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I expected it to be basic, but seem unable to find a proof of the following:

Let $p_0, p_1, .., p_m$ be distinct primes. Then the $m+1$ terms $\dfrac{\log p_0}{\log p_j}$, are rationally independent.

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Perhaps you've already observed this, but it follows from Schanuel's conjecture that in fact the logarithms of the primes are algebraically independent. –  Qiaochu Yuan Sep 25 '11 at 23:50
Sorry, I voted to close because I misread the question as asking about $\log p_j / \log p_0$ which is trivial. –  Felipe Voloch Sep 26 '11 at 10:41
@Felipe, no problem. Although, now that I think about it, I would have preferred it to be closed because of triviality, because I need this result :D @Qiaochu, thanks. Actually, I don't really mind if the part of the paper I'm writing in which I use this result, was based on a conjecture like Schanuel's. But if that should happen, should I then use the 'easiest' conjecture from which this follows, or the most well-known, or some other criterium? –  Woett Sep 26 '11 at 12:45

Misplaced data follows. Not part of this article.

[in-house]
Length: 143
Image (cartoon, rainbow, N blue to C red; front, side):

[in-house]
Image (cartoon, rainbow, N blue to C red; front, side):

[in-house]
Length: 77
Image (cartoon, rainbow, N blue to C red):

@Qiaochu, I probably misread your observation. I now believe that what you mean is that IF my question has an affirmative answer, then Schanuel's conjecture shows that the terms are algebraically independent, right? –  Woett Sep 26 '11 at 13:18
I think that Qiaochu is saying that because $\log p_0, \dots, \log p_m$ are linearly independent over $\mathbb{Q}$, Schanuel's conjecture would imply that they are algebraically independent over $\overline{\mathbb{Q}}$. This then would imply the linear independence result you want. See Chapter 1 of Waldschmidt's book "Diophantine approximation on linear algebraic groups" for more information on algebraic independence of logarithms. Conjecture 1.15 there is all that you would need, but it's just a special case of Schaneul's conjecture which is more widely known. –  Matt Papanikolas Sep 30 '11 at 4:20

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